In the end, then, the politics of pain mean that anything resembling the Ryan-Romney budget approach will become another exercise in supply-side economics — the discredited faith that cutting taxes sharply enough will generate so much economic growth that total revenues will increase. The Republicans can deliver the tax cuts and some spending reductions targeted at the most vulnerable, who are also the least organized and powerful in our politics. But for those who think the Ryan budget represents a serious approach to the long-term federal debt problem, believing in the tooth fairy is a better bet.

Andrew Polsky is Professor of Political Science at Hunter College and the CUNY Graduate Center. A former editor of the journal Polity, his most recent book is Elusive Victories: The American Presidency at War. This post originally appeared on the OUP blog here.

Mitt Romney and Paul Ryan arrive at a campaign rally in Powell, Ohio. Photograph: Getty Images

Andrew Polsky is Professor of Political Science at Hunter College and the CUNY Graduate Center. A former editor of the journal Polity, his most recent book is Elusive Victories: The American Presidency at War.

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I'd only given a literary talk, but someone still told me to leave the country

“So if you don’t like it so much,” he says, “why don’t you leave?” And his tone suggests that there is a good train leaving from St Pancras in half an hour.

So here I am at the Romanian Cultural Institute in Belgrave Square. Eventually. After a misunderstanding that finds me first, forlorn and bemused, at Olympia, with the London Book Fair closing down for the evening, watching my fee grow wings and fly away into the night air. I am called up and told where I could more profitably go instead – that is to say, the venue I should be at. On reassurance that my expenses will be met, I hop into a cab as soon as I find one (which, on Kensington High Street at 7pm, takes far longer than you would think. I will not use Uber).

I am going there in order to be on a panel that is talking about Benjamin Fondane (1898-1944), the Romanian intellectual, poet, essayist, philosopher and all-round dude. I know nothing about the guy beyond what I learned from reviewing a selection of his writings last July but this makes me, apparently, one of this country’s leading experts on him. Such is the level of intellectual curiosity in this part of the world. Fondane was treated much better in Paris, where he moved after finding studying law in Bucharest too boring; treated very much worse in 1944, when he was sent to Auschwitz.

A little corner of me is panicking a bit before the gig starts: I know next to nothing about the man, especially compared to my co-panellists, and I might betray this to the audience of around 80 (I refer to their number, not their age), sitting in their little gilt chairs, in a nice gilt drawing room, which is par for the course for European cultural institutes in this neck of the woods.

Another part of me says: “Don’t be silly, you’ll be fine,” and it turns out I am. I even manage to throw in a few jokes. During the course of one of my answers I say that the UK is a cultural desert and that there was a reason Fondane stopped moving when he got to Paris. The idea of coming to London to breathe the pure air of artistic freedom and inspiration was, and remains, laughable. It gets a chuckle or two out of the (mostly Mittel-European) audience, who like a bit of British self-deprecation as much as we do.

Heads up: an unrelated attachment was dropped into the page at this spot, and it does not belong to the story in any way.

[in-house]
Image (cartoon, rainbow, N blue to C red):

Or do we? Downstairs, and clutching my first glass of the evening (a perfectly drinkable Romanian Merlot), I chat to various people who come up and say they like my reviews etc, etc. All very pleasant. And then a man comes up to me, about my age, maybe a year or three younger, smartly tweeded.

“I was very offended by what you said about this country being a cultural desert,” he says. He is not joking.

“Oh?” I say. “Well, it is.”

He has the look of someone about to come up with a devastating argument.

“What about Shakespeare?” he asks me. “What about Oscar Wilde?”

“They’re dead,” I say, leaving aside the fact that Wilde was Irish, and that anywhere was better than Ireland in the 19th century for gay playwrights.

“So’s Fondane,” he says.

I think at this point I might have raised my glasses and massaged the bridge of my nose with finger and thumb, a sign for those who know me of extreme exasperation, and a precursor to verbal violence.

“So if you don’t like it so much,” he says, “why don’t you leave?” And his tone suggests that there is a good train leaving from St Pancras in half an hour.

“Do not presume to tell me, sir, whether I should leave the country.”

He tells me he has a Polish wife, as if that has any bearing on the matter. He says something else, which for the life of me I can’t remember, but I do know that when I replied to it, I used only one word, and that the word was “bollocks”.

“Well, if you’re going to use bad language . . .”

“I’ve got more,” I say, and proceed to launch a volley of it at him. Things have escalated quickly, I know, but there is no jest in his tone and what I am detecting is, I realise, his strong awareness of the Z in my name, my nose, and my flawless olive complexion. One develops antennae for this kind of thing, after almost half a century. And there’s a lot more of it about these days.

In the end, I become pretty much incoherent. On stage I’d caught myself thinking: “Golly, talking is even easier than writing;” but now my fluency deserts me. But God, it’s fun getting into a fight like this.

I’ve left my tobacco at home but the Romanian government gives me a whole pack of Marlboro Gold, and more wine. Vata-n libertate ori moarte! As they say. You can work it out. 

Nicholas Lezard is a literary critic for the Guardian and also writes for the Independent. He writes the Down and Out in London column for the New Statesman.

This article first appeared in the 23 March 2017 issue of the New Statesman, Trump's permanent revolution